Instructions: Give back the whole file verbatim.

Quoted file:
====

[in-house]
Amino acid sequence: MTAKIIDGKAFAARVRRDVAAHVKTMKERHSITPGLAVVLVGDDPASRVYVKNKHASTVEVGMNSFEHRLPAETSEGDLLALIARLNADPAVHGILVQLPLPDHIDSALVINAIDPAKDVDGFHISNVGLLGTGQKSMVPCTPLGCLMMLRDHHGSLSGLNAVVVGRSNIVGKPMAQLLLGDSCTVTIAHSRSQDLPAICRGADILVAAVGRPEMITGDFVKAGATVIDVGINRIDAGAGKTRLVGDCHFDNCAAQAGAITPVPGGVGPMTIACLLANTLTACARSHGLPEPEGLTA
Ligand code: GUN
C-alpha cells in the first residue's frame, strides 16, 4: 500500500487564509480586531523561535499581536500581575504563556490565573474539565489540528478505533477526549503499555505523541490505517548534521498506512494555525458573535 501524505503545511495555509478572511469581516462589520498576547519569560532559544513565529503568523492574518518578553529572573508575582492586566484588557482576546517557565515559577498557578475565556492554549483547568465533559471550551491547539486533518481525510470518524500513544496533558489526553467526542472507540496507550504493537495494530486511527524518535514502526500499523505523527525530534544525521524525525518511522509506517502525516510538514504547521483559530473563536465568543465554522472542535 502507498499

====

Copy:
[in-house]
Amino acid sequence: MTAKIIDGKAFAARVRRDVAAHVKTMKERHSITPGLAVVLVGDDPASRVYVKNKHASTVEVGMNSFEHRLPAETSEGDLLALIARLNADPAVHGILVQLPLPDHIDSALVINAIDPAKDVDGFHISNVGLLGTGQKSMVPCTPLGCLMMLRDHHGSLSGLNAVVVGRSNIVGKPMAQLLLGDSCTVTIAHSRSQDLPAICRGADILVAAVGRPEMITGDFVKAGATVIDVGINRIDAGAGKTRLVGDCHFDNCAAQAGAITPVPGGVGPMTIACLLANTLTACARSHGLPEPEGLTA
Ligand code: GUN
C-alpha cells in the first residue's frame, strides 16, 4: 500500500487564509480586531523561535499581536500581575504563556490565573474539565489540528478505533477526549503499555505523541490505517548534521498506512494555525458573535 501524505503545511495555509478572511469581516462589520498576547519569560532559544513565529503568523492574518518578553529572573508575582492586566484588557482576546517557565515559577498557578475565556492554549483547568465533559471550551491547539486533518481525510470518524500513544496533558489526553467526542472507540496507550504493537495494530486511527524518535514502526500499523505523527525530534544525521524525525518511522509506517502525516510538514504547521483559530473563536465568543465554522472542535 502507498499